Compare the time for both systems:

LED
====
4 fingers + 4 fingers + 2 thumbs. Applying base, color, color, top coats in each sequence. 3 cures per coat (4) means 12 cures. 12 x average of 45 seconds = 9 minutes total cure time.

UV lamp
======
one hand + one hand. Applying base, color, color, top coats in each sequence. 2 cures per coat (4) means 8 cures. 8 x average of 120 seconds = 16 minutes total cure time.

Is 7 minutes per service worth the cost of an LED lamp? I'd suggest most techs can easily save 7 minutes by talking less to the clients and improving the speed of their technique ;-)

Tab k u for this after reading this I have said sod the LED and il stick with UV and have ordered more bulbs!
Only thing I would say is I have to do my thumbs separate even though my lamps have bulbs on the side as I find they don't cure properly??the only issue I have with the uv bulbs is how do u know when they aren't working properly un till u realise after doing a few clients and they are getting peeling of product?
Is there a way to test them bob?
 

NancySyd

Well-Known Member
As Mum said, this is nonsense and is a good indication that the person you spoke to doesn't understand the products or LED lamps.

LED lamps output UVA at a narrow range of wavelengths. If your gel is not matched to this it either won't cure, or will take a much longer time to cure. Most 3rd party LED lamps cure at a wavelength range of 400-420nm, while most gel polishes require a wavelength of 360 - 380 nm.

Apart from that, the light intensity, reflectors, distance from bulbs to nails all have an impact on if the lamp is suitable.

The amount of time LED lamps save is not so very much when you analyze it. Most LED lamps can't cure a full hand because they do not have the LED's on sides, but only on the top. Having no LED's on the side means they won't properly cure the thumbs when trying to cure a full hand. That's because LED light is very directional, unlike traditional UV bulbs where reflectors play an important part in bouncing light onto all nail surfaces.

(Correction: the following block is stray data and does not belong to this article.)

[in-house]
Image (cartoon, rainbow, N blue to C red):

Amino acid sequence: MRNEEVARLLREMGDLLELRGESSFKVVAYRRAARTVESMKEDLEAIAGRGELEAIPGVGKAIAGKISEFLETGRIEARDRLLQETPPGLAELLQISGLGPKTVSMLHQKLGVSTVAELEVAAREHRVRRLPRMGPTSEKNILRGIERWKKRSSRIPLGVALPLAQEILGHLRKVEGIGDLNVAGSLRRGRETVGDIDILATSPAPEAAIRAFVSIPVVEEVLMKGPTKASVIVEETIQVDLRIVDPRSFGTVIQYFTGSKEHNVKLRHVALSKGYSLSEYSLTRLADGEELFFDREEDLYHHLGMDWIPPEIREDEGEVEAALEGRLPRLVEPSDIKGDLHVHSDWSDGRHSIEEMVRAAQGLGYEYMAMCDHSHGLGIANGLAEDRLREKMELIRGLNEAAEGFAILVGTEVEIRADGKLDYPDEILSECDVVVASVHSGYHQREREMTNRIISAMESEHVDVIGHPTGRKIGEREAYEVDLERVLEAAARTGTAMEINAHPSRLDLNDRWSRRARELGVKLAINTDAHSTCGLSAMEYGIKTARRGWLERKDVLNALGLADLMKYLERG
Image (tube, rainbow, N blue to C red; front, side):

While I agree that the person she spoke to didn't understand the issue, I don't think this is accurate either. UV light ends at 400nm; anything above is visible light. Most LED UV lamps emit between 370-380nm which is within the upper range of UV light. CFL UV lamps emit between 315 and 400nm. The difference is simple - CFL lamps emit a broader range of light for a longer period; LED UV lamps emit a more intense but focused range of light for a shorter period. Furthermore, wattage is a measurement of power usage, not light output.

I also think that the newer LED UV lamps eliminate your concern about a five finger cure. Both the new OPI and Gelish lamps do a full hand cure in 30 seconds. I have the Gelish 18g and it does a five finger cure in 30 seconds even of the darkest colours like Bella's Vampire and Black Shadow. It's a great lamp actually.
 

BobSweden

Managing Director
You are of course correct that at 400 nm the light is not UV but visible. Hence the risk that some gel polishes can cure under standard florescent lights. However, I rather thought I'd given enough info for one sitting and decided not to also discuss the light spectrum.

I did say "most 3rd party LED lamps". I am aware of Harmony's lamp, as well as the new Young Nails lamp. I was referring to the no-name LED lamps, of which there are many types as you know.

CFL lamps are interesting. But more interesting would be the CFL + LED hybrid lamps also now coming available.

My overriding point remains true. LED lamps are not a useful investment for most techs. They don't cure their hard or other soak-off gels, the time saving is negligible compared to the time they can save by talking less and improving their technique. Plus most techs don't have end to end clients every day - so arguably they lose quite a few hours between customers.

The price of LED lamps that do cure in the 360-380nm range will fall dramatically in the coming year as more printers appear that use the same LED's and that increased manufacturing volume will drop the LED lamp prices.
 

NancySyd

Well-Known Member
I disagree a bit. I think that there is a difference in the decision making based on whether you're an established tech using a variety of products or, on the opposite extreme, whether you're starting fresh and intend to maintain a more narrow range of services. LED UV is the trend of the future and I doubt that many products from now on will be developed for CFL UV only. The cost of bulbs is not insignificant, not to mention the fall-off in effectiveness of CFL UV bulbs. Plus, the cost of good quality name brand LED UV units is beginning to come down.

Obviously a cost-effective dual CFL/LED lamp would be ideal, but I haven't seen one although they've been rumoured for months.